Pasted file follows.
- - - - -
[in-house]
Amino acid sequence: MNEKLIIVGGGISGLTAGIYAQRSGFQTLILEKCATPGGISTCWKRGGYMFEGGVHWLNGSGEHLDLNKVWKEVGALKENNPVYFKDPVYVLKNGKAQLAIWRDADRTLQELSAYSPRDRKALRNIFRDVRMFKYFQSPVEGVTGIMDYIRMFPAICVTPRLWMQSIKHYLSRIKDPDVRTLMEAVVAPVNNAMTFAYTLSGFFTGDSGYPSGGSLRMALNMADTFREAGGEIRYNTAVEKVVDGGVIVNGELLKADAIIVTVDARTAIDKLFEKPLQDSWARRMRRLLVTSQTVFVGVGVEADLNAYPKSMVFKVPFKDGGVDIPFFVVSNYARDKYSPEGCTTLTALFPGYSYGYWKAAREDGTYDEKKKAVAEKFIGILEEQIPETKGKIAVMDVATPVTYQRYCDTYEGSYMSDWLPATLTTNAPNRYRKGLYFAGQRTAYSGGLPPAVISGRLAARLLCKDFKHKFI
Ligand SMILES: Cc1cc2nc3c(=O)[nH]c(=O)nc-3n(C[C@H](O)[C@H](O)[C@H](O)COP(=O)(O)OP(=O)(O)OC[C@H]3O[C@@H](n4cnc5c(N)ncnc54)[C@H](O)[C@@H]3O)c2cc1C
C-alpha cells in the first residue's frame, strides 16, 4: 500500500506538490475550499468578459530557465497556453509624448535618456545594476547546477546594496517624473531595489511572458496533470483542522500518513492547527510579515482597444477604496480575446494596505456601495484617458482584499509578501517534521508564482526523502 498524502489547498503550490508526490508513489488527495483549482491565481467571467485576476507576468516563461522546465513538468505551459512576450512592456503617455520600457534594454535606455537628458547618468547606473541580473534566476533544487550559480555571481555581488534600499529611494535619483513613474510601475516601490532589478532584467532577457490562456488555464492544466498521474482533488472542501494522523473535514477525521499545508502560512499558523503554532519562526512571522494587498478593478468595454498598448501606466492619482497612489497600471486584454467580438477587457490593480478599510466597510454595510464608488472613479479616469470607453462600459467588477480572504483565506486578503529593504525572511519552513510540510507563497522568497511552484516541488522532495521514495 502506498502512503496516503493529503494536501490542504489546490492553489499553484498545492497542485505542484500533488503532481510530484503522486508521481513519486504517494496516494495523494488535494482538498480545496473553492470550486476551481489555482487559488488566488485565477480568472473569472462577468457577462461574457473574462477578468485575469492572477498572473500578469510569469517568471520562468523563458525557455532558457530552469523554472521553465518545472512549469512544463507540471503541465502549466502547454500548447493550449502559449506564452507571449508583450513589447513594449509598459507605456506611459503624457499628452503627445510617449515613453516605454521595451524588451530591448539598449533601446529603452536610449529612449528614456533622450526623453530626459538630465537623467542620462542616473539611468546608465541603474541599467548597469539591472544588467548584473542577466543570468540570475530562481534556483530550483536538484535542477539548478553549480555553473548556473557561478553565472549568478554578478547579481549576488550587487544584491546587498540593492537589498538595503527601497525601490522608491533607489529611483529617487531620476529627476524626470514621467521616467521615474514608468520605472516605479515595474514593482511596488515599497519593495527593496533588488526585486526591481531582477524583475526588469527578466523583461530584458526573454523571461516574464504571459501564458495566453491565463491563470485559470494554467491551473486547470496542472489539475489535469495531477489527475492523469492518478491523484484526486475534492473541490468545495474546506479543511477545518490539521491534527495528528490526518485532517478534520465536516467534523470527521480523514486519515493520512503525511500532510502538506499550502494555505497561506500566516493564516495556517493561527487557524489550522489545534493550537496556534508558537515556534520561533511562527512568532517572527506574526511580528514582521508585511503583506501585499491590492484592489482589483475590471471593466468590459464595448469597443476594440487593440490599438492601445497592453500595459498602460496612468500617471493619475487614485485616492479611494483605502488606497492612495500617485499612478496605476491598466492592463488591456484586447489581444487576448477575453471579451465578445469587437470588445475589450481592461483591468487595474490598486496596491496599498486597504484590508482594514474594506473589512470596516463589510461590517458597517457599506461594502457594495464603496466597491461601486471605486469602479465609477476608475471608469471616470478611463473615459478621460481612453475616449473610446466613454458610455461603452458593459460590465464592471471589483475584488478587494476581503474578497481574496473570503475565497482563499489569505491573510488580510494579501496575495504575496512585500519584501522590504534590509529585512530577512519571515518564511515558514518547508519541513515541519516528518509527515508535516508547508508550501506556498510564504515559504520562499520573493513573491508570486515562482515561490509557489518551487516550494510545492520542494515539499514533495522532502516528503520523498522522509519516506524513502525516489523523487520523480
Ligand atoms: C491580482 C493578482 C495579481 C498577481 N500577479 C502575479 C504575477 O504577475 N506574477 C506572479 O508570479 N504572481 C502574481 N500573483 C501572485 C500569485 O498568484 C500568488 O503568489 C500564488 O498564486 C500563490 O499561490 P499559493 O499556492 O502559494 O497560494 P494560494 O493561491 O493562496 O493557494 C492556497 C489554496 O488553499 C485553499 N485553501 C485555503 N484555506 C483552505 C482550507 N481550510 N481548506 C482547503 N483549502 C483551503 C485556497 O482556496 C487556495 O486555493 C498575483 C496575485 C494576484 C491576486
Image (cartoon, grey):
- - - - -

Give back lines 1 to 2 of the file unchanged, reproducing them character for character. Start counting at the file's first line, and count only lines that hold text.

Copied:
[in-house]
Amino acid sequence: MNEKLIIVGGGISGLTAGIYAQRSGFQTLILEKCATPGGISTCWKRGGYMFEGGVHWLNGSGEHLDLNKVWKEVGALKENNPVYFKDPVYVLKNGKAQLAIWRDADRTLQELSAYSPRDRKALRNIFRDVRMFKYFQSPVEGVTGIMDYIRMFPAICVTPRLWMQSIKHYLSRIKDPDVRTLMEAVVAPVNNAMTFAYTLSGFFTGDSGYPSGGSLRMALNMADTFREAGGEIRYNTAVEKVVDGGVIVNGELLKADAIIVTVDARTAIDKLFEKPLQDSWARRMRRLLVTSQTVFVGVGVEADLNAYPKSMVFKVPFKDGGVDIPFFVVSNYARDKYSPEGCTTLTALFPGYSYGYWKAAREDGTYDEKKKAVAEKFIGILEEQIPETKGKIAVMDVATPVTYQRYCDTYEGSYMSDWLPATLTTNAPNRYRKGLYFAGQRTAYSGGLPPAVISGRLAARLLCKDFKHKFI